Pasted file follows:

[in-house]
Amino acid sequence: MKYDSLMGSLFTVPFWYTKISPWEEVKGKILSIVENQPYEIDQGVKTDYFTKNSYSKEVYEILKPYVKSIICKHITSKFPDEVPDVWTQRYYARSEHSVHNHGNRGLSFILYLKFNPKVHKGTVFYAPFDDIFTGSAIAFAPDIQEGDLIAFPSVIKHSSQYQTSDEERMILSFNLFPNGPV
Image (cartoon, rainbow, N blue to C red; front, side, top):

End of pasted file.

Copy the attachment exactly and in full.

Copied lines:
[in-house]
Amino acid sequence: MKYDSLMGSLFTVPFWYTKISPWEEVKGKILSIVENQPYEIDQGVKTDYFTKNSYSKEVYEILKPYVKSIICKHITSKFPDEVPDVWTQRYYARSEHSVHNHGNRGLSFILYLKFNPKVHKGTVFYAPFDDIFTGSAIAFAPDIQEGDLIAFPSVIKHSSQYQTSDEERMILSFNLFPNGPV
Image (cartoon, rainbow, N blue to C red; front, side, top):